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Andrey Markov

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Residence  Russia
Name  Andrey Markov
Nationality  Russian
Role  Mathematician
Fields  Mathematician
Children  Andrey Markov, Jr.

Andrey Markov httpsuploadwikimediaorgwikipediacommonsthu
Born  14 June 1856 N.S. Ryazan, Russian Empire (1856-06-14)
Institutions  St. Petersburg University
Alma mater  St. Petersburg University
Died  July 20, 1922, Saint Petersburg, Russia
Education  Saint Petersburg State University
Books  The Correspondence Between A. A. Markov and A. A. Chuprov on the Theory of Probability and Mathematical Statistics
Siblings  Vladimir Andreevich Markov
Similar People  Pafnuty Chebyshev, Georgy Voronoy, Abram Samoilovitch Besicovitch, Aleksandr Lyapunov, Aleksandr Korkin

Doctoral advisor  Pafnuty Chebyshev

Andrey Markov Linear Algebra


Andrey (Andrei) Andreyevich Markov (Russian: Андре́й Андре́евич Ма́рков, in older works also spelled Markoff) (14 June 1856 N.S. – 20 July 1922) was a Russian mathematician. He is best known for his work on stochastic processes. A primary subject of his research later became known as Markov chains and Markov processes.

Contents

Andrey Markov Andrey Markov Wikipedia

Markov and his younger brother Vladimir Andreevich Markov (1871–1897) proved Markov brothers' inequality. His son, another Andrei Andreevich Markov (1903–1979), was also a notable mathematician, making contributions to constructive mathematics and recursive function theory.

Andrey Markov


Biography

Andrey Markov was born on 14 June 1856 in Russia. He attended Petersburg Grammar, where he was seen as a rebellious student by a select few teachers. In his academics he performed poorly in most subjects other than mathematics (which later became his profession). Later in life he attended Petersburg University and was lectured by Pafnuty Chebyshev. Among his teachers were Yulian Sokhotski (differential calculus, higher algebra), Konstantin Posse (analytic geometry), Yegor Zolotarev (integral calculus), Pafnuty Chebyshev (number theory and probability theory), Aleksandr Korkin (ordinary and partial differential equations), Mikhail Okatov (mechanism theory), Osip Somov (mechanics), and Nikolai Budaev (descriptive and higher geometry). He completed his studies at the University and was later asked if he would like to stay and have a career as a Mathematician. He later taught at high schools and continued his own mathematical studies. In this time he found a practical use for his mathematical skills. He figured out that he could use chains to model the alliteration of vowels and consonants in Russian literature. He also contributed to many other mathematical aspects in his time. He died at age 66 on 20 July 1922.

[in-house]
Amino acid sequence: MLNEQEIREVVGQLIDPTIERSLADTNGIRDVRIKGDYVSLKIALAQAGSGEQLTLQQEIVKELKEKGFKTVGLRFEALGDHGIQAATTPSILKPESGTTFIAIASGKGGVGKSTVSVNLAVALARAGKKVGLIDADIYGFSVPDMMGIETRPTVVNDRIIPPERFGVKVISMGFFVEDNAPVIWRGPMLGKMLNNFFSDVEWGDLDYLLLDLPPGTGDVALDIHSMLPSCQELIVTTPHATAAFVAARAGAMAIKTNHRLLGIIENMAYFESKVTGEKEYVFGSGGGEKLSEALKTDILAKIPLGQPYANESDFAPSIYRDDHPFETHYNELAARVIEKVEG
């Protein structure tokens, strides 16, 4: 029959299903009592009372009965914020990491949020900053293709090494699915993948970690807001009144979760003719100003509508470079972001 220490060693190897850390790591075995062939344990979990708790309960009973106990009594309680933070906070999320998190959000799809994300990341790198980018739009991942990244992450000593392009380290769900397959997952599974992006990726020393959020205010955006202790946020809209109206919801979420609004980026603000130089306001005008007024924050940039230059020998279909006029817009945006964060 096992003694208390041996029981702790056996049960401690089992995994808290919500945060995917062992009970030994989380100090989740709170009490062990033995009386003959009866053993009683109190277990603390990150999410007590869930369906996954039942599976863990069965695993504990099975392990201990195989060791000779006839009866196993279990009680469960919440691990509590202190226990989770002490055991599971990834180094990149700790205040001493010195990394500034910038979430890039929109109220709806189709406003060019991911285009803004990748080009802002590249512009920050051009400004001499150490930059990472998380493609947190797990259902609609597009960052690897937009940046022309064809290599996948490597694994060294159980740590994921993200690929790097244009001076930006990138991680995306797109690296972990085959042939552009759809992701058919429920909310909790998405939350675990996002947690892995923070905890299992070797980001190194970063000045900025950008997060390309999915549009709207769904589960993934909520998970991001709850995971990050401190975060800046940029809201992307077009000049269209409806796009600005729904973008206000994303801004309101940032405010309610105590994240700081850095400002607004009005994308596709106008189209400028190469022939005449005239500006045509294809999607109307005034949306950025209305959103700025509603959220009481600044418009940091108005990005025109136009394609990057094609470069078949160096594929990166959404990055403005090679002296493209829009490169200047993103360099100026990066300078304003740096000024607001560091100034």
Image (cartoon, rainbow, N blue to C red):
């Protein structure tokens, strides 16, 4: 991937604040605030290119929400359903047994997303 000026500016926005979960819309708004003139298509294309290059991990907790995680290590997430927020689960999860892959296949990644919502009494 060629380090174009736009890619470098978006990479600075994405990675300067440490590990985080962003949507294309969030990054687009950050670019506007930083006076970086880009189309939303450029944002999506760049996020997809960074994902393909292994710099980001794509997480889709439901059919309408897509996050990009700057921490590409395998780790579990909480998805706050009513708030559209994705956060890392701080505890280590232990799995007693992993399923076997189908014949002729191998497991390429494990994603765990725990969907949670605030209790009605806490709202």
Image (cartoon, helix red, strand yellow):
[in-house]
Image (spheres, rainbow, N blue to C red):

Andrey Markov Timeline

In 1877, Markov was awarded a gold medal for his outstanding solution of the problem

About Integration of Differential Equations by Continuous Fractions with an Application to the Equation ( 1 + x 2 ) d y d x = n ( 1 + y 2 ) .

During the following year, he passed the candidate's examinations, and he remained at the university to prepare for a lecturer's position.

In April 1880, Markov defended his master's thesis "About Binary Quadratic Forms with Positive Determinant", which was encouraged by Aleksandr Korkin and Yegor Zolotarev.

Five years later, in January 1885, there followed his doctoral thesis "About Some Applications of Algebraic Continuous Fractions".

His pedagogical work began after the defense of his master's thesis in autumn 1880. As a privatdozent he lectured on differential and integral calculus. Later he lectured alternately on "introduction to analysis", probability theory (succeeding Chebyshev, who had left the university in 1882) and the calculus of differences. From 1895 through 1905 he also lectured in differential calculus.

One year after the defense of his doctoral thesis, Markov was appointed extraordinary professor (1886) and in the same year he was elected adjunct to the Academy of Sciences. In 1890, after the death of Viktor Bunyakovsky, Markov became an extraordinary member of the academy. His promotion to an ordinary professor of St. Petersburg University followed in the fall of 1894.

In 1896, Markov was elected an ordinary member of the academy as the successor of Chebyshev. In 1905, he was appointed merited professor and was granted the right to retire, which he did immediately. Until 1910, however, he continued to lecture in the calculus of differences.

In connection with student riots in 1908, professors and lecturers of St. Petersburg University were ordered to monitor their students. Markov refused to accept this decree, and he wrote an explanation in which he declined to be an "agent of the governance". Markov was removed from further teaching duties at St. Petersburg University, and hence he decided to retire from the university.

Markov was an atheist. In 1912 he protested Leo Tolstoy's excommunication from the Russian Orthodox Church by requesting his own excommunication. The Church complied with his request.

In 1913, the council of St. Petersburg elected nine scientists honorary members of the university. Markov was among them, but his election was not affirmed by the minister of education. The affirmation only occurred four years later, after the February Revolution in 1917. Markov then resumed his teaching activities and lectured on probability theory and the calculus of differences until his death in 1922.

References

Andrey Markov Wikipedia


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